Consumer IoT started with smart bands and smart watches a few years back, but the market flattened quickly far short of even the most pessimistic projections. Since then, a variety of IoT driven consumer applications exploded, they were both innovative and diverse. The applications being developed by recently funded startups include see through wearable display (Lumus), wearable platforms, emergency alert/safety, wide range of infant monitors (Owlet, Ray ICare), medication reminders (MedMinder), algorithms and sensor fusion for better insights from wearabales (ImagiMob, Algorithmic Intuition), retrofitting any camera to a smart camera, biometric graphene sensors (Graphwear), eyeball and muscle movement tracking and control (Thalmic Labs), fitness tracker with active ecosystem engagement (Fitmo, Goqii), innovations in haptics, speech and vision (Senic, Nanit), enhanced versions of GoPro camera to record your life (Narrative), augmented audio wearable, new range of smartwatches from Japan (Veldt), wide range of women health applications, IoT enabled drinking cup for personal hydration (Mark One), IoT enabled kitchen (Brava), next generations of gesture & tracking applications with bracelet/ring and jewelry (Habitaware), IoT enabled diaper, number of video doorbells (Ring) and smart doorlocks, Lost & Found tracking, child safety, wearable air purifier, bad behavior analysis, pet trackers (Petcube), smart walkie-talkie (Nucleus, Orion Labs), enhancing reading efficiency, making your smartphone photo to 3D, 3D Touch Sensors (Impressivo), smartwall (Electric Objects), Smart Mailbox (Mailhaven), air pollution (Airborne) and smart travel case (BlueSmart); the list is endless.
A class of devices is emerging in the performance sports and training to get feedback on form, movement and performance including Moov, SeeHow, Str8bat, Mio Global, Moov, Atlas Wearables etc.
Startups in the healthcare space were focused broadly on consumer wellness outside of clinics/hospitals with a focus on monitoring and early diagnosis with a call to action, robotics surgical instruments in hospitals and as well as software platforms and AI platforms. Applications in consumer health/wellness include advanced AI and Analytics for wellness that claim to give more accuracy and insights on health from wearables (EarlySense), non-contact infant respiration monitoring (Ray ICare from India), geriatric care, mental wellness and neuro-simulation (Thync), mental health diagnostics and management (Neural Analytics), knee care, respiration health (Propeller), movement disorders, brain training post stroke/dementia (Tyromotion, Motus Innovation), addiction avoidance using wearables (Chrono Therapeutics raised a whopping $48M for smoking cessation), improving cognitive functions, cloud connected asthma inhaler and stress monitoring and control.
In hospitals and clinics, robot based surgery was the most active sector including robot needle steering (XACT), MRI-guided neurosurgical surgery (Monteris Medical), keyhole surgery (Cambridge Medical), bone surgery (Advanced Osteometry), Biosensor for detecting disease/cancer/pathogens (Sensor-Kinesis), MRI therapy, patient monitoring systems for cerebral blood flow (Ornim Medical), clinical grade EKG using wearables (AliveCor), implant monitoring & performance, ingestible sensing (Proteus Digital Health), portable brain sensing for assessment of strokes, image analytics for hair transplantation (Restoration Robotics) and bionics based prosthetic.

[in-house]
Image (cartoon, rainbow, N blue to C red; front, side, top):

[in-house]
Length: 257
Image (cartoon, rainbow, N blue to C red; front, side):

HIPPA compliant care giving platforms for healthcare management and analytics (Third Eye), geriatric care platforms (few got acquired by GreatCall, leader in active aging and independent living solutions), efficiency improvement using augmented/virtual reality for doctors (Augmedix, Pristine), consolidation of all patient owned healthcare data from wearables and clinic/doctors at a single place owned by the patient (Orb Health), pharmacy restocking, connected get well thermometer and advisor (Kinsa), AI driven health detection, cloud connected asthma inhaler with advise and to-dos were the some of the startups that were funded.
Retail and Hospitality
Startups that saw funding and traction in the retail and hospitality sector are razor sharp focused on analytics to increase eyeballs and footfalls for revenue generation and reduction in cost via efficiency improvements, automation and loss reduction. Retail sector startups are focused on using image analytics with CCTV to gather footfalls (Hoxton Analytics), profile customers and detect theft, WiFi and Bluetooth beacons (Kontact.io, ConnectQuest, Minodes) for proximity marketing for customer engagement (BlueBite), robots for warehouse/retail counting and stocking, stocking and automation (Bossa Nova, Simbe), service and welcome robots in hotels (Savioke), robotic bartender (Monsieur), asset tracking (QueueHop), retail applications software platforms, auto-checkout platforms (DotDashPay), contactless retail payments via wearables (DigiSEq), solution to make any device a payment gateway and cooking robot (Casabot).
Shopping cart theft prevention startup, Gatekeeper raised $32M funding focusing on one of the top hits to the retailer’s bottom line – tracking and loss prevention of shopping carts. On the consumer side, easy re-ordering/replenishment of standard items with press to order like Amazon Dash and an easy creation of shopping list (Hiku) were some interesting startups. Energy Management for retail and hospitality sector was big as well which is covered under Smart Buildings category.